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Saint-Joseph-de-la-Rive Shipyard National Historic Site of Canada

305 rue de l’Église, Saint-Joseph-de-la-Rive, Quebec, G0A, Canada

Formally Recognized: 1996/11/19

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Other Name(s)

Saint-Joseph-de-la-Rive Shipyard National Historic Site of Canada
Charlevoix Maritime Museum
Le Musée maritime de Charlevoix

Links and documents

Construction Date(s)

1946/01/01 to 1957/01/01

Listed on the Canadian Register: 2009/10/06

Statement of Significance

Description of Historic Place

Saint-Joseph-de-la-Rive Shipyard National Historic Site of Canada overlooks the St. Lawrence River in the village of Saint-Joseph-de-la-Rive, Québec. Set parallel to the waters edge at the foot of a steep hill, this small shipyard is dominated by a sawmill and a workshop housing a windlass. The site, levelled and triangular, is bounded by trees and the Boudreault River as it flows into the St. Lawrence. Official recognition refers to the shipyard, the surface plant and associated buildings, and to other yard features including a breakwater, a dry dock, and the warping dock or slip.

Heritage Value

Saint-Joseph-de-la-Rive Shipyard was designated a national historic site of Canada in 1996 because:
- of the more than 150 shipyards which existed in Québec between the French Régime and the 1960s, it was the largest builder of “goéllettes”, wooden schooners, normally flat bottomed, that were typically used for coastal navigation on the St. Lawrence River and played a major role in the development of many communities on the St. Lawrence shore and thereby contributed to the whole economy of Québec; and
- the Saint-Joseph-de-la-Rive Shipyard is among the very few Québec shipyards of its period, which retains in-situ resources associated with the building of goélettes.

Established in 1946, the Saint-Joseph-de-la-Rive Shipyard, one of the few surviving facilities of its period, continues to retain equipment previously used in the repair and wintering activities associated with small-scale coastal shipping along the St. Lawrence River. Representative of the many shipyards that once flourished in Québec, this was the primary location for the construction of schooners. First rigged with sails and later motorized, these wooden crafts played a crucial role in the coastal navigation of the St. Lawrence River and the economic development of various communities located on its shores. With only a population of 250 people in 1931, Saint-Joseph-de-la-Rive, formerly known as the “Éboulement-en-bas,” was a desirable site for a shipyard due to its slight descent into the St. Lawrence and its heavily forested borders, which protected the area from strong winds.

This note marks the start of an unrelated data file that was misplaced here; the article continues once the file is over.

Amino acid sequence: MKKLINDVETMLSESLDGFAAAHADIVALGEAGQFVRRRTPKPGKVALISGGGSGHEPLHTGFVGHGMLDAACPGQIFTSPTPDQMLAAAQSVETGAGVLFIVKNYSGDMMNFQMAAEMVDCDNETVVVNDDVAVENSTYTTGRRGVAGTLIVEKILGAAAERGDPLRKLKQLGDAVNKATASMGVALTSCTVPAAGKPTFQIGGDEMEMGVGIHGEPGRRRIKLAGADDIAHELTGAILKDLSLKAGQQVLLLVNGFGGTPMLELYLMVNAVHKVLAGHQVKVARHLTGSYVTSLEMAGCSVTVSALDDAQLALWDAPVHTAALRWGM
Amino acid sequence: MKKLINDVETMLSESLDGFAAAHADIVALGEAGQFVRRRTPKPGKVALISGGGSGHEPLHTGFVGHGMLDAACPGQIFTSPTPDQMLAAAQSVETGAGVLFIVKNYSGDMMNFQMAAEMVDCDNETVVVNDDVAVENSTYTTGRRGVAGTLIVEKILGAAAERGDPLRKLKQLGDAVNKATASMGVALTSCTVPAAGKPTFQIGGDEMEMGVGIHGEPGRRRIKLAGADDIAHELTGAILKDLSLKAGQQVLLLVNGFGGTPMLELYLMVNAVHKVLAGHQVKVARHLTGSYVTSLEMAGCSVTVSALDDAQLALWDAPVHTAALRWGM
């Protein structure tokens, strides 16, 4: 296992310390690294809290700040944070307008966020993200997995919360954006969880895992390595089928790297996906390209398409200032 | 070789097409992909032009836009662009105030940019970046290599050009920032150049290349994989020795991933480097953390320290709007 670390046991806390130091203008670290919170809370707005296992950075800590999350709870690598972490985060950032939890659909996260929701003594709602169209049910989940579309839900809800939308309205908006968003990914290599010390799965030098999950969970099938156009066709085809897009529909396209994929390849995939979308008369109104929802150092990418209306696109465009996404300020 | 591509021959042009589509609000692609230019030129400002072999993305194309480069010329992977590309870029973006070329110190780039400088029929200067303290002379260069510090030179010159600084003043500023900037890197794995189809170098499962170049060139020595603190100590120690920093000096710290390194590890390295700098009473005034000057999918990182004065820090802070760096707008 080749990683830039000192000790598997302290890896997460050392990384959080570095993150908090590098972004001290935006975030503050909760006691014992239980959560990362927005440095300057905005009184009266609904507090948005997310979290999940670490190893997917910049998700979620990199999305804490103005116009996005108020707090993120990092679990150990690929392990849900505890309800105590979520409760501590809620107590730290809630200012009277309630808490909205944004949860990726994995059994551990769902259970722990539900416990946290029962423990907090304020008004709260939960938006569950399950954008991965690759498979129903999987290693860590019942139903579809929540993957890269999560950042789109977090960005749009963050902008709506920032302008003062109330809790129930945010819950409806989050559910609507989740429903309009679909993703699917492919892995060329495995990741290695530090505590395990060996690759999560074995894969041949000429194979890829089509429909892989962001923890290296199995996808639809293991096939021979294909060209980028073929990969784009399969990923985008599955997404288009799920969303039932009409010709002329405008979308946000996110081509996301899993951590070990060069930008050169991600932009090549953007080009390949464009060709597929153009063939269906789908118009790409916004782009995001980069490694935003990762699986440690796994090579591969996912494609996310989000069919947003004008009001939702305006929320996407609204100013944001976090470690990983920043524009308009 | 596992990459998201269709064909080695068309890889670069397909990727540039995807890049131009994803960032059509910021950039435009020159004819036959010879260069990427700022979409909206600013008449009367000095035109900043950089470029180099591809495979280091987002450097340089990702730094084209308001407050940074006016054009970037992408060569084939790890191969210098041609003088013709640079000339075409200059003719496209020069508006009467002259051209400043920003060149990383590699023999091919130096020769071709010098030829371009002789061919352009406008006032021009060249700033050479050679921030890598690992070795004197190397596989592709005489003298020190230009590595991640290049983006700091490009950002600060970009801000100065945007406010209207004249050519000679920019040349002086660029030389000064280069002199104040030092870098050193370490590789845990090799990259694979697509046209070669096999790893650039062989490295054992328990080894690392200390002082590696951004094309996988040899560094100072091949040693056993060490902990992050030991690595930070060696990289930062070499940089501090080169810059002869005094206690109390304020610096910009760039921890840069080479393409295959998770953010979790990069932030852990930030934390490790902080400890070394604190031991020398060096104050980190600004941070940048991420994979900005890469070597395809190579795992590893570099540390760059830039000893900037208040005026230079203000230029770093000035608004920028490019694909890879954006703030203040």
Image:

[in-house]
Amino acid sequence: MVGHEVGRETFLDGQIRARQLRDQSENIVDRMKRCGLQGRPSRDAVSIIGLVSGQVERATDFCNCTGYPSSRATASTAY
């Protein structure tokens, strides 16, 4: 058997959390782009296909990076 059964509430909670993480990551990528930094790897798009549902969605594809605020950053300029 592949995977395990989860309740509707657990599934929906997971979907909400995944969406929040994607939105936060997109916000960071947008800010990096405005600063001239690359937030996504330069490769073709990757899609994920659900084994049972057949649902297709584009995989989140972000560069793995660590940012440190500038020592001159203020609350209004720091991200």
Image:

No longer operational, the Saint-Joseph-de-la-Rive Shipyard once functioned year-round with the greater part of the repair and maintenance activity taking place during the winter months. The shipyard was the driving force of Saint-Joseph-de-la-Rive’s economy, and as the leading producer of schooners in Québec, it contributed greatly to the economy of the province as a whole. The gradual disappearance of the schooner, competition with other means of transportation, and the prohibitive cost of building extra infrastructure to support larger steel boats resulted in the decision to close the yard in 1972. The yard and fittings have remained almost unchanged, and in 1986 the shipyard became a regional museum and interpretation centre known as the Charlevoix Maritime Museum.

Source: Historic Sites and Monuments Board of Canada, Minutes, November 1996.

Character-Defining Elements

The key elements that contribute to the heritage character of this site include:
- the waterfront location on 229 metres of levelled ground running parallel to the St. Lawrence river within the village of Saint-Joseph-de-la-Rive;
- the setting at the foot of a steep hill overlooking the St. Lawrence River;
- the functional plan and open nature of the shipyard that can accommodate up to 30 schooners;
- the sawmill, the workshop and the integrity of the remaining operating mechanisms and equipment including the breakwater, the slip, the keel blocks, the wharf, the windlass (hoist), and the dry-dock;
- the wheeled cradle built of heavy timbers and reinforced with steel and mounted on steel wheels set on rails built on a concrete foundation, which was used to support the schooners as they were pulled clear of the water;
- the diesel powered windlass mechanism that pulled the cradle by means of metal cables, and the brakes that enabled the boat to be lowered back down the slipway to the water;
- the integrity of any surviving archaeological remains, features, and artifacts in their original placement and extent;
- its continued physical relationship with the St. André, one of the last wooden schooners built in Québec;
- the viewscapes from the shipyard, along the shoreline and across the river.




Recognition Authority

Government of Canada

Recognition Statute

Historic Sites and Monuments Act

Recognition Type

National Historic Site of Canada

Recognition Date


Historical Information

Significant Date(s)

1946/01/01 to 1972/01/01

Theme - Category and Type

Developing Economies
Extraction and Production

Function - Category and Type



Dock or Dry Dock

Architect / Designer




Additional Information

Location of Supporting Documentation

National Historic Sites Directorate, Documentation Centre, 5th Floor, Room 89, 25 Eddy Street, Gatineau, Quebec

Cross-Reference to Collection

Fed/Prov/Terr Identifier




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